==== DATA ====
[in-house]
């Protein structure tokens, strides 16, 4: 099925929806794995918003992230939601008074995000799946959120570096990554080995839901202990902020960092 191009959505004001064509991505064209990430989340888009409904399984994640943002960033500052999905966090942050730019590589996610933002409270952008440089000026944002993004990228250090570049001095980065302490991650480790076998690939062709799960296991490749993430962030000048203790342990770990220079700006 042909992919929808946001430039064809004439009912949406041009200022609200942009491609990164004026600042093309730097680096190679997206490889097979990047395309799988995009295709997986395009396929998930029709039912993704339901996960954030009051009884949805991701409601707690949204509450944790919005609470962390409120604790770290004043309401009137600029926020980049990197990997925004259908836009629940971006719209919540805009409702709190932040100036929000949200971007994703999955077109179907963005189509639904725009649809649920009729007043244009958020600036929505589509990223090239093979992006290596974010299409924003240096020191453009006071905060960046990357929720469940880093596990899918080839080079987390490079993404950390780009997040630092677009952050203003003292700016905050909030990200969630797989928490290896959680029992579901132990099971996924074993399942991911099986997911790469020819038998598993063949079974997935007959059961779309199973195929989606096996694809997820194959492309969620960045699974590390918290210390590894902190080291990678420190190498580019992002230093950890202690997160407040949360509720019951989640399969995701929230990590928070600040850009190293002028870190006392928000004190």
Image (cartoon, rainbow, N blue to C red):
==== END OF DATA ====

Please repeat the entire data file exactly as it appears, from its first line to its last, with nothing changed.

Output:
[in-house]
């Protein structure tokens, strides 16, 4: 099925929806794995918003992230939601008074995000799946959120570096990554080995839901202990902020960092 191009959505004001064509991505064209990430989340888009409904399984994640943002960033500052999905966090942050730019590589996610933002409270952008440089000026944002993004990228250090570049001095980065302490991650480790076998690939062709799960296991490749993430962030000048203790342990770990220079700006 042909992919929808946001430039064809004439009912949406041009200022609200942009491609990164004026600042093309730097680096190679997206490889097979990047395309799988995009295709997986395009396929998930029709039912993704339901996960954030009051009884949805991701409601707690949204509450944790919005609470962390409120604790770290004043309401009137600029926020980049990197990997925004259908836009629940971006719209919540805009409702709190932040100036929000949200971007994703999955077109179907963005189509639904725009649809649920009729007043244009958020600036929505589509990223090239093979992006290596974010299409924003240096020191453009006071905060960046990357929720469940880093596990899918080839080079987390490079993404950390780009997040630092677009952050203003003292700016905050909030990200969630797989928490290896959680029992579901132990099971996924074993399942991911099986997911790469020819038998598993063949079974997935007959059961779309199973195929989606096996694809997820194959492309969620960045699974590390918290210390590894902190080291990678420190190498580019992002230093950890202690997160407040949360509720019951989640399969995701929230990590928070600040850009190293002028870190006392928000004190």
Image (cartoon, rainbow, N blue to C red):